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Topographic anatomy of the lingual nerve and variations in communication pattern of the mandibular nerve branches

Authors
 S. Y. Kim  ;  K. S. Hu  ;  H. J. Kim  ;  E. W. Lee  ;  I. H. Chung 
Citation
 SURGICAL AND RADIOLOGIC ANATOMY, Vol.26(2) : 128-135, 2004 
Journal Title
 SURGICAL AND RADIOLOGIC ANATOMY 
ISSN
 0930-1038 
Issue Date
2004
MeSH
Adult ; Aged ; Aged, 80 and over ; Cadaver ; Female ; Humans ; Lingual Nerve/anatomy & histology* ; Male ; Mandibular Nerve/anatomy & histology* ; Middle Aged
Keywords
Lingual nerve ; Inferior alveolar nerve ; Mylohyoid nerve ; Auriculotemporal nerve ; Infratemporal fossa ; Nerve communication ; Nerve entrapment
Abstract
We made a thorough observation of the morphology and course of the lingual nerve (LN) and inferior alveolar nerve (IAN) to clarify their topographical relationships in the infratemporal fossa and in the paralingual area. Thirty-two Korean hemi-sectioned heads were dissected macroscopically and microscopically from a clinical viewpoint. On the 32 tracings on the radiograph, the average distance between the retromolar portion and the LN was 7.8 mm, and no case was found where the LN ran above the alveolar crest as passing along the mandibular lingual plate. The bifurcation of the LN and IAN was located around the mandibular notch, inferior to the otic ganglion in 66% of the cases, and a plexiform branching pattern of the mandibular nerve was observed in only two cases. The bifurcation spot of the LN and IAN was located 14.3 mm inferior to the foramen ovale and 16.5 mm superior to the tip of hamulus. Collateral nerve twigs from the LN to the retromolar area were observed in 26 cases (81.2%), with an average of one nerve twig. We observed four types of variations in terms of communication pattern. In four specimens, the mylohyoid nerve passed through the mylohyoid muscle and connected with the LN. In other four specimens, the IAN communicated with the auriculotemporal nerve. We also observed another type of variational communication between the IAN and the nerve to the lateral pterygoid (LPt); this was observed in only one specimen, and it could be predicted that motor innervation from the nerve to the LPt was transmitted via the mental nerve to the depressor anguli oris. Another type was observed where the IAN divided into two branches with the posterior branch being partially entrapped by the LPt muscle fibers.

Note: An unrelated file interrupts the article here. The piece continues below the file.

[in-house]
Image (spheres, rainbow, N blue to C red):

Full Text
http://link.springer.com/article/10.1007%2Fs00276-003-0179-x
DOI
10.1007/s00276-003-0179-x
Appears in Collections:
2. College of Dentistry (치과대학) > Dept. of Oral Biology (구강생물학교실) > 1. Journal Papers
1. College of Medicine (의과대학) > Dept. of Anatomy (해부학교실) > 1. Journal Papers
Yonsei Authors
Kim, Hee Jin(김희진) ORCID logo https://orcid.org/0000-0002-1139-6261
Chung, In Hyuk(정인혁)
Hu, Kyung Seok(허경석) ORCID logo https://orcid.org/0000-0002-9048-3805
URI
https://ir.ymlib.yonsei.ac.kr/handle/22282913/111248
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